Last week at my book group, we discussed our experiences with racism as children . I had never really thought about it much before, but said then that I have absolutely no remembrance of my parents ever once having made any differentiation between myself and people of color. Our subdivision was close to the THE subdivision of the first suburban blacks in my town. We rode the same school bus, even passing the house each day of a young Cassius Clay. I went all the way through 12th grade with those kids. We attended the same birthday parties and Girl Scout troop meetings. And this was 1962, only two years past the day that Ruby Bridges stepped into a school in New Orleans and went one whole year of school in a classroom of one. We lived, or at least I did, in some sort of bubble where I just did not really know that there was any other way. When my favorite local amusement park began allowing blacks, some of our close neighbor children weren’t allowed to go with us any more and my parents said that that was silly, and we went on. My only remembrance of Dr. King’s assassination was that school was closed, and only years later did I learn that that was not out of respect, but out of fear that there would be trouble.
I think it’s fairly notable that the only conversations I can actually remember were when my mother told me that “colored people” preferred to be called Negroes. Years later, the tables turned and it was I telling my mother that Negroes preferred to be called Blacks. What makes this all notable is that my parents were both raised in families where racisim was a part of their southern upbringing. I don’t know that their families held any great hatred of blacks, but they did still buy into the predominant southern culture of names and assumptions that continue to perpetuate racism.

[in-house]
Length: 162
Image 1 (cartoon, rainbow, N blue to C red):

I’m not sure how it is that my parents, steeped in their family traditions, made the decision to walk a new path. Whatever it was, I wonder now if even then God had already begun to weave a beautiful chord into the fabric of who we were, knowing that in a twinkling of God’s eye, they would have three black grandchildren; I would have three black children. We never know what we might be blessed with, if our hearts are open. I’m grateful for my parents for many things, but their open hearts and minds opened doors for all of us.